Mr. Pearson concludes that it represented the tough caliber of men who fought for the country's liberties, which still deserved fighting for, "despite the oratorial gymnastics of some senators"—referring to the "Fifth Amendment Communist" label popularized by Senator McCarthy for those whom he regarded as using the Fifth Amendment to avoid admission of prior or current membership in the party.

The person who takes that attitude, incidentally, that a person who pleads the Fifth Amendment is concealing negative information, with the implication that the answer might prove incriminating, that the person is thus presumed to have stated an answer to the question, to which the privilege is invoked, which would admit guilt of any criminal misconduct which the question on its face sought to elicit, is not only making a statement antithetical to a principle of our founding as a nation, the Fifth Amendment, and a critical principle of its jurisprudence, that a person is presumed innocent before the law, regardless of evidence to the contrary, until a ruling is made by a qualified finder of fact and then upheld on appeal, but also ignores the notion of imperfect memory regarding events which occurred, as was usual in these McCarthy and HUAC inquisitional interrogations, many years earlier, regarding specific information, and the consequent chance of inadvertent and honest misrecollection of events, potentially leading to a perjury indictment for innocent misstatement. Whether a more general question, such as, "Are you now or have you ever been a member of the Communist Party?" could be answered truthfully "yes" or "no", was often subject to clarification, both as to temporal context of the membership and whether attendance of one or two meetings might have been the equivalent of membership, to the point of supplying details years old, which again might later be subject to such microscopic analysis by the witch-hunters that an ostensibly honest statement could be turned on its head to appear false and deceptive, leading, if not to indictment, at least to political destruction of reputations when an answer was attempted but conveyed unfavorable information, as in the case of Dr. J. Robert Oppenheimer in 1953-54, regarding his dabbling in Communist ideology during the 1930's as an answer at the time to the anti-Semitism of Nazism, leading to the denial of his continued security clearance with the Atomic Energy Commission despite the executive loyalty review board and the AEC having found him to have been completely loyal during his work for the AEC during and since World War II. Inducing such testimony, leading to the Hobson's Choice of either taking the Fifth Amendment or becoming subject to some form of public disgrace by testifying truthfully, with the hazard in tow of testifying falsely by inadvertent misrecollection, was a sinister design conceived for political advantage of the questioner, having nothing to do with national security or any genuine concern for infiltration of the government by subversive elements, which, when carried to extremes, could apply to any Republican during a Democratic Administration, seeking to undermine and prevent the success of Administration policies, and vice versa, through legitimate political activity and exercise of free speech. The point was that Congressional committees and executive committees should not have been engaged in pointed inquiry into an individual's past, so remote as to be irrelevant to that which was germane to the particular inquiry into which the committee was authorized to probe.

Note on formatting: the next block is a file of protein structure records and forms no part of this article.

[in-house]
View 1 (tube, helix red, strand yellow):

It also led to illegal, covert snooping and wiretapping in the name of "national security", a rationalization for getting the goods on political enemies of the opposing political party, as well as perceived enemies within the public and press, circumventing in the process both the Fourth and Fifth Amendments by the convenient handy-dandy of "executive privilege", employed to protect against disclosure of operations, however illicit, conceived to protect "national security", i.e. Administration policy, when Congressional inquiry was frustrated after the abuses of the McCarthy era gave such inquisitional techniques a bad name, the ultimate exponent of which was to become the Constitutionally unauthorized Plumbers Unit of the Nixon Administration, conceived as the intelligence-gathering arm of the White House, distinct from the regular, Congressionally authorized executive department intelligence gathering agencies, the CIA, FBI and military intelligence agencies, ultimately placing the Nixon White House in an "us versus them" mentality, engaged in a virtual war on any and all who did not support the President and were openly critical in the process, the Constitution be damned as an inconvenience to be cynically talked around by phraseological invention.